But while one can criticize the film for not tackling the edgier aspects of Armendáriz’s life and times, as a pure underdog (or undermole) story it’s a winner.

NO ONE WILL SAVE YOU

Producers: Tim White, Trevor White, Allan Mandelbaum and Brian Duffield  Director: Brian Duffield   Screenplay: Brian Duffield   Cast: Kaitlyn Dever, Elizabeth Kaluev, Zack Duhame, Lauren Murray, Geraldine Singer, Dane Rhodes, Dari Lynn Griffin and Evangeline Rose   Distributor: Hulu

Grade: B

Brian Duffield’s follow-up to “Spontaneous,” his 2020 debut as writer-director, is another twisty take on genre formula.  At first “No One Will Save You” seems like a simple updating of the old “Twilight Zone” episode “The Invaders,” in which Agnes Moorehead played a solitary woman forced to defend herself against an visitor from space that attacked her house.  Duffield even makes his much younger protagonist Brynn (Kaitlyn Dever), awakened by the intruder, speechless, as Moorehead was, taking a cue from “A Quiet Place” by having her suppress her gasps and try to control her steps as the creature, here a traditional extraterrestrial out of the “Close Encounters” playbook, scutters about the house looking for her.  But she quickly becomes as determined and physical as Moorehead was in fighting it off, eventually killing it.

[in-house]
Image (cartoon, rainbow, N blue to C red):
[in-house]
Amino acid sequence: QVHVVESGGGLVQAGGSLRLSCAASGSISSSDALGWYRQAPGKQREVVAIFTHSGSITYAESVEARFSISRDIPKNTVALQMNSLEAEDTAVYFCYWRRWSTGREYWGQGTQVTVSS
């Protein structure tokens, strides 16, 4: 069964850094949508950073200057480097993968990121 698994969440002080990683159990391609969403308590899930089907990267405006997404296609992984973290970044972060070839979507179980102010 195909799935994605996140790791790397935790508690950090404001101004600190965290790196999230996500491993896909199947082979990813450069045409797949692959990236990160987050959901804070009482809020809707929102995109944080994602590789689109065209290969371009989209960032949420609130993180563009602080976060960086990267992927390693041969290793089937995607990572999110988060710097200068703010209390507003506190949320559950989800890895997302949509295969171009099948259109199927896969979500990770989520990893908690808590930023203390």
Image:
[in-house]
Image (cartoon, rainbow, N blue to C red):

Brynn does not remain in her house for long, venturing out into the nearby town the next morning to ask for help.  But she’s a local pariah, for reasons only gradually revealed—and then ambiguously; though she tries to connect with her neighbors, they shun her, and when she goes to the police station to report what’s happened, the chief (Dane Rhodes) and his wife (Geraldine Singer) treat her with a mixture of astonishment and contempt.  They’re suffering with some unexplained grief for which they clearly hold Brynn responsible, and so she’s left to her own devices.

Brynn is grief-laden too, over the absence of her friend Maude (played as a youngster in flashbacks by Evangeline Rose and as a young woman by Dari Lynn Griffin, while Elizabeth Kaluev is young Brynn) and the recent death of her mother (Lauren Murray), with whom she was very close.  To add to the oddity, Brynn lives a childlike life, decorating the home in which she now lives alone with doll houses and bright lights, as if the living space were an adolescent’s bedroom.